The power of collective action comes not from the sheer number of participants or the uniformity of their efforts, but from the coordination of their differentiated activities through a mutually reinforcing plan of action. Each stakeholder’s efforts must fit into an overarching plan if their combined efforts are to succeed. The multiple causes of social problems, and the components of their solutions, are interdependent. They cannot be addressed by uncoordinated actions among isolated organizations.
By John Kania & Mark Kramer - Standford Social Innovation Review
Very, very few people or organizations know why they do what they do. And by "why" I don't mean "to make a profit." That’s a result. It’s always a result. By “why,” I mean: What’s your purpose? What’s your cause? What’s your belief? Why does your organization exist? Why do you get out of bed in the morning? And why should anyone care?
By Simon Sinek
“It was a training ground for organizers who spread to hundreds of different fields – a large number of Latino legislators worked with the UFW,” Campbell said. “The strike and boycott awakened Latinos, ‘the sleeping giant of California politics,’ triggering the Chicano movement and the creation of bilingual education departments.”
By Stephan Magagnini - Sacramento Bee
"The Teatro Campesino was born on the picket line because that’s the only place we could do it; but that was the most effective place where we could really do what we needed to do, which was communicate with the workers non-violently, communicate our ideas with humor and a lot of energy and a lot of spirit."
As it turns out, the needs that are most linked with everyday satisfaction are interpersonal ones, such as love and respect. Our troubles, conversely, relate most to lack of esteem, lack of freedom, and lack of nourishment.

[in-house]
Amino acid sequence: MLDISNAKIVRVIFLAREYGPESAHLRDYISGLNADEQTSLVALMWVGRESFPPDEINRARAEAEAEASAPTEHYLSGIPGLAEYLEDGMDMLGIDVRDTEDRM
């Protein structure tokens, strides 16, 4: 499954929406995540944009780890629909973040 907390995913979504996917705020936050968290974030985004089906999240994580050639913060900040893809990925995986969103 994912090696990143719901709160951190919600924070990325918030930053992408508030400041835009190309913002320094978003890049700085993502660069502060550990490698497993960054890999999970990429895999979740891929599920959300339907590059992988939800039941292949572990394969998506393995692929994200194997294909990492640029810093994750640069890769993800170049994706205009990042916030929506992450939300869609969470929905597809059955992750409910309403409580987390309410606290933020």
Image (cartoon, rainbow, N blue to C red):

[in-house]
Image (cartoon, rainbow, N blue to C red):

By Hans Villarica - The Atlantic
Formerly incarcerated undergrads started a group on campus to offer mentoring, support, and advocacy to other onetime inmates.
Larissa MacFarquhar - The New Yorker
More Mexicans are leaving the United States than migrating into the country, marking a reversal of one of the most significant immigration trends in US history. A study published on Thursday by the Pew Research Center said a desire to reunite families is the primary reason Mexicans go home. A sluggish US recovery from the Great Recession also contributed.
By Associated Press - The Gaurdian
A growing body of mortality research on immigrants has shown that the longer they live in this country, the worse their rates of heart disease, high blood pressure and diabetes. And while their American-born children may have more money, they tend to live shorter lives than their parents.
By Sabrina Tavernise - New York Times
California's governor has signed a law encouraging schools to teach the history of a guest worker program that brought in Mexican farm laborers as the national immigration debate heats up.
By Mary Slosson - Reuters
I understood what that hole was that I had felt for so long in my chest. So I threw my tools in the cornfield because I felt that I could not go on like this, and I said to myself: I must teach Nawat even if I’ll starve to death...
Melissa Vida - Global Voices
In 1968 Sal Castro organized the East Los Angeles High School walkouts, a series of protests against unequal conditions in Los Angeles Unified School District schools. WATCH HERE
This review finds that in contrast to strong functionalist assertions, the effects of steeper hierarchies are highly mixed. Sometimes steeper hierarchies benefit groups and sometimes they harm groups.